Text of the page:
Expats in Cambodia adjusting to the total lack of tourism

Published:  19 May at 6 PM
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Following its unofficial invasion by hordes of Chinese on- and offline casino operations, Cambodia is now struggling to cope with an almost non-existent tourism sector.

As in the rest of Southeast Asia, Covid-19 has put paid to tourism in Cambodia, just as the country was recovering from the bad press following the Chinese unofficial but devastating takeover of the former Royal vacation destination of Sihanoukville. Its tourism ministry seems to have realised that, for now at least, the hospitality industry is on its knees and unlikely to stand up again until the pandemic is well and truly over. The situation is also bad news for those Western expats who’d recently chosen Cambodia as a refuge from increasing xenophobia and tighter visa renewal regulations in Thailand.

As Cambodia’s tourism industry was, basically, in its infancy and ready to build on its existing attractions, the arrival of Covid-19 was no less than a disaster. Restoring the sector to its previously-increasing health looks like a massive challenge, according to the president of the Cambodia Association of Travel Agents, even although the tourism ministry’s recently approved request for suggestions from the sector’s hard-hit professionals is intended to create a rescue plan before it’s too late. Unsurprisingly, the reaction from the sector was muted, to say the least, as most of the country’s tourist-aimed business had already closed down.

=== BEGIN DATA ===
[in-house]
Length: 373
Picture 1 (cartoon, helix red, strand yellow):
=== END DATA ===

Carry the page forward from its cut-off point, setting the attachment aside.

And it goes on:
Some 99 per cent of Cambodia’s hospitality businesses are now defunct, with the one per cent still functioning in Phnom Penh serving the long-stay expat community as well as investors looking for a bargain. Of the 630,000 tourism sector employees, some 300,000 have lost their jobs, with the ministry now looking to boost in-country tourism followed by visitors from neighbouring countries and finally from across the whole of Asean. The major issue with the plan is its economic base, as locals without jobs and pay are unlikely to take holidays, even in their own country, with the same applying to those in other Southeast Asian states.

The minister is looking to Chinese visitors to save Cambodia’s tourism woes, but so are Vietnam, Thailand and other SEA countries and there’s no guarantee that a second wave of the virus in China won’t be worse than the first.
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